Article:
The statistics paint a startling picture. Enough painkillers are prescribed for every adult in America to be medicated around the clock for three weeks. 80% of all opioid painkillers are produced in the US, despite the country having 5% of the world’s population. No other developed nation, aside from Canada, has a problem with prescription drugs on anything near the same scale. How did we get here?
Anyone who works at an addiction treatment center can tell you that addicts often don’t look like most people expect. The average American understandably assumes that people become addicts because of things like untreated mental illness, poverty, or simply falling in with the wrong crowd. But if you’ve been paying attention to the news recently, you’ll know that addiction today often stems from a much more innocuous place.
The opioid crisis has become a buzzword for politicians and activists. The term opioid includes everything from light painkillers to morphine to fentanyl (which is 100 times stronger). The focus hasn’t been on illicit use of these drugs, in pharmaceutical or street form. Many opioid addicts turn to heroin, which is itself an opioid, but the problem starts in doctors’ offices and hospitals, with the perfectly legal prescription of painkillers.
The problem seems to have begun in response to another crisis: the undertreatment of pain. Up until the ‘90s, doctors in the US were reluctant to prescribe painkillers, in large part due to the fact that these drugs could be addictive. For this reason, it was common that people in the last stages of cancer, going through extreme suffering, were not even given opioids.
The undertreatment of pain had to be addressed. Unfortunately, at the forefront of the countermovement were the big pharmaceutical companies. Instead of encouraging moderate prescription of opioid painkillers when necessary, they marketed their products as non-addictive solutions that had no downsides.
Twenty years on, their claims have been resoundingly proven false, but it’s a little late. Doctors are still prescribing opioids at an alarming rate, and more and more people are becoming addicted.
When we think about addiction, we tend to assume that something “went wrong.” Bad circumstances led people to abuse drugs and alcohol. It’s not that everyone blames the patients (although too many do), but the assumption is that someone living a happy life, with no major financial or societal problems will not abuse drugs.
But in any treatment center you’ll find patients for whom nothing “went wrong.” However, they were prescribed opioids to deal with pain that would have been manageable in other ways, and the sheer addictiveness of the pills got them there.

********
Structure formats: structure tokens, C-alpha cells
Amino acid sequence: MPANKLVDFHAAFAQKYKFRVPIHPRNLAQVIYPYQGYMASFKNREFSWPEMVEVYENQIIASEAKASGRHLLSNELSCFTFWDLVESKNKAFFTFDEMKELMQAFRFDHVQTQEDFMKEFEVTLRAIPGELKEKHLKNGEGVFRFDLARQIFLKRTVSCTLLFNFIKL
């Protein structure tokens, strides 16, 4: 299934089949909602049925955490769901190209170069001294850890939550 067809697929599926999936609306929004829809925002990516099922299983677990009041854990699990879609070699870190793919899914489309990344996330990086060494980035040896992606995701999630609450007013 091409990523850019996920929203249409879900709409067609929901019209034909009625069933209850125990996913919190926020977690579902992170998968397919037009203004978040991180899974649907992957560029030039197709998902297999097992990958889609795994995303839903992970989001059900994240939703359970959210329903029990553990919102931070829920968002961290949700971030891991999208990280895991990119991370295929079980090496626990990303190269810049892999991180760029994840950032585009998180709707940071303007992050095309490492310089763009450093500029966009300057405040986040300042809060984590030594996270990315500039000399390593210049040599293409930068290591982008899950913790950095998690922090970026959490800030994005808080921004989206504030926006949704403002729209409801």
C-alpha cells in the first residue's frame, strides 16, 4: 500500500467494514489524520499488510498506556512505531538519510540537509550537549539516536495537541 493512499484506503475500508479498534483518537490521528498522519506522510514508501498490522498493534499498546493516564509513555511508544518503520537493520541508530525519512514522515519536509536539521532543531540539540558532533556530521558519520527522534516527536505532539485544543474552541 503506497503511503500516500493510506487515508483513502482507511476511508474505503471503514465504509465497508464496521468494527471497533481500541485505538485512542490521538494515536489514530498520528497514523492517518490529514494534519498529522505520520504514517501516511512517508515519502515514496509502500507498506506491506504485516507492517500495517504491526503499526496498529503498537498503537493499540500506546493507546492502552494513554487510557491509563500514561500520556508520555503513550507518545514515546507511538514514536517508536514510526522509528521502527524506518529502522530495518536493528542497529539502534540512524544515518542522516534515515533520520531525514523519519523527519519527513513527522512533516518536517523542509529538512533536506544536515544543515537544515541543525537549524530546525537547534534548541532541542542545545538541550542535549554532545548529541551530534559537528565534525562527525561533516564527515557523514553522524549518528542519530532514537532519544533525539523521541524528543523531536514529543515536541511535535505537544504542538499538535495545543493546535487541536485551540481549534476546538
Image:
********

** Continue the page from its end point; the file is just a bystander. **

I’m not just talking about those who come in with an addiction to painkillers. As many as 75% of people addicted to heroin in the twenty-first century initially became addicted to opioid painkillers. Eventually, painkillers became more difficult to get, too expensive, or just not strong enough, and heroin simply became a more practical solution.
One major difficulty in dealing with the opioid crisis is that opioids themselves are not inherently problematic. For some people suffering from chronic pain, life without them would be unbearable. For people suffering from various forms of cancer, opioids can ensure they don’t have to spend their last few months in excruciating pain.
However, for most people, alternative solutions to pain are available. Physiotherapy is often a much better long term solution than painkillers. Hypnosis, mindfulness, and other forms of therapy can help people with treatment-resistant chronic pain to manage it mentally. The mind is incredibly powerful, and those who master mindfulness techniques or respond positively to hypnotherapy can live very happy lives without having to numb out the pain.
To many Americans, this will sound unrealistic, but when we take a look outside this continent, we find that painkillers are the “alternative solution.” They’re used only when other options don’t work, which is why addiction to prescription drugs does not become an epidemic. There are opioid addicts around the world, but the opioid crisis is uniquely North American.
The problem for many Americans is that access to alternative resources can be limited. In some areas, this is simply because people are not aware that there are alternatives. In others, such as rural areas, these resources don’t exist.
Solving the problem on a national scale will take time, as well as a lot of politicking. However, by being aware of the problem, we can help make sure that we don’t fall victim to it, and that our loved ones know there are other options.
Prescribed painkillers may be legal, but that doesn’t mean they won’t do you harm. Only turn to them when they’re absolutely necessary – they should be the “alternative” option.
Dr. Nancy Irwin is co-author of “Breaking Through, Stories of Hope and Recovery” and a Primary Therapist at Seasons in Malibu World Class Addiction and Mental Health Treatment Center